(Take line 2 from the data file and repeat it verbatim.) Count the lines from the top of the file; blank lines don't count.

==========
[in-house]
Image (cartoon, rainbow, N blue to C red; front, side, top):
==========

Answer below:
Image (cartoon, rainbow, N blue to C red; front, side, top):